Friday, October 07, 2022

“It’s easier said than done!” I’ve lost count of the number of times I’ve heard clients tell me this. I usually hear it after I’ve yelled at them to make more progress in therapy. (OK, I don’t yell at my clients. That was a joke…maybe.)

Humor aside, I hear it most often from the inmates I treat in prison, but I also hear it from people in my private practice. After I’ve given them my spiel about how they can improve their emotional health by changing how they think, my clients sometimes reply with a sense of hopelessness, “It’s easier said than done.”

What they’re saying, in not so many words, is that I don’t really understand just how difficult it is for them to change. Because if I truly understood, I wouldn’t suggest such nonsense. What they’re saying, in not so many words, is, “Change is really, really, hard!” And they’re right. It is hard, especially when we’re trying to change habits.

When we talk about habits or routines, we usually refer to behaviors. But we also have routine ways of thinking and feeling. Perhaps I routinely feel rejected when people ignore me as they walk past on Shabbat. Or, maybe I frequently interpret other people’s actions toward me as signs of disrespect and disregard.

As I’ve suggested in this column previously, our thinking can become distorted and unhealthy over time. For example, we might fall into the habit of making negative assumptions about ourselves (“I’m unlovable”) or we might tend to catastrophize; i.e., to assume the worst-case scenario is going to happen (“I’ll never get a job”). When such ways of thinking become a habit, they take on a life of their own.

But, why is change often so difficult? There are many reasons, to be sure. On the most basic level, when we’re talking about changing our behavior, it may be difficult because it’s physically uncomfortable. When my wife made it known to me that my new responsibility was to change the cat litter box several times a week, I graciously agreed (as if I had a choice). However, saying “I do” and actually doing it are different matters entirely.

When we’re talking about more meaningful change, what often holds us back is fear, such as fear of the unknown. In the process of doing something or thinking a certain way for a long time, it becomes familiar and comfortable to us. We grow to rely on our routines and habits because they’re predictable and reliable. Change, on the other hand, requires us to move out of our comfort zone and give up our old ways. This can be unsettling, frustrating, and even scary because we’re opening ourselves up to the great unknown.

But why, you ask, would anyone resist changing negative and unhealthy things? Why would anyone want to keep doing something that is harmful? The answer is that even unhealthy habits serve a purpose.

There’s a fundamental concept in psychology that is as true as the day is long: People do what they do because it serves a purpose for them. Regardless of whether or not I prefer to do something, if I do it, it’s because I’m getting some kind of payoff. So, I might say that I shouldn’t eat any more cake, but if I do it, it’s clearly for a reason. Perhaps it’s simply because the cake tastes delicious. Or, more significantly, maybe my will breaks down because of an emotional need that is filled by eating the cake.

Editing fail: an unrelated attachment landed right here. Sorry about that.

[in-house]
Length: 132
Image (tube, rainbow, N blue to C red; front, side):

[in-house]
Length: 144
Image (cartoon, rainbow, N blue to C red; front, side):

Let’s say I’ve had very few close friends throughout my adult life because I have great difficulty trusting others. I’ve felt let down and betrayed too many times, so I tend to completely shut people out rather than risk being hurt. Therapy might help me accept that life comes with risks and that there is always the possibility someone may say or do something hurtful or insensitive to me. However, this doesn’t necessarily mean the person is a hurtful person and that a friendship with him isn’t still a good thing. Therapy might also help me come to think of myself in a different light. I might learn that I’m stronger and more resilient than I think. So, if I decide I want more meaningful friendships, I may need to change how I think about people and myself. I’ll need to take risks by opening myself up to others, which leaves me vulnerable in the process.

“Sure,” you say. “But that’s easier said than done.” And to this, I reply, “Of course it is! But so are most things in life.” Assuming you know how to ride a bike, how did you come to be able to do so? Like most people, you likely learned when you were a child from a parent, uncle, etc. If you had had the mouth of a sailor at the time, you probably would have hurled expletives at the person for suggesting such an absurdly impossible thing. “You want me to balance my tush on a tiny little seat attached to something with only two wheels? Are you crazy? I’m going to fall down and it ain’t gonna be pretty! No way!”

But, you didn’t curse (or maybe you did) and you stuck with it. Sure, you fell down an awful lot, but ultimately you learned how to ride a bike. It’s the same thing with changing how we think, feel, and behave. Sure, it’s scary because it takes us out of our comfort zone and forces us to do things we’re not used to doing. But, isn’t it comforting to know that positive change, however difficult, is possible, and that with it can come a fuller and more satisfying life? Yes, change is hard. But, it can also be incredibly gratifying and rewarding!

Dr. Gur-Aryeh is a clinical psychologist with a private practice in Saddle Brook, NJ. He works with a wide variety of clients seeking mental health treatment and specializes in mood disorders and addiction in particular. If you would like to contact him, you can do so at [email protected], at 201-406-9710, or through his website at www.shovalguraryehphd.com.

By Shoval Gur-Aryeh, PhD

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